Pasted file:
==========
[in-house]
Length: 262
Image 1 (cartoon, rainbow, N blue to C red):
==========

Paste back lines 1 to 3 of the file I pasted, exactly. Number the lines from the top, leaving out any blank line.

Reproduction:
[in-house]
Length: 262
Image 1 (cartoon, rainbow, N blue to C red):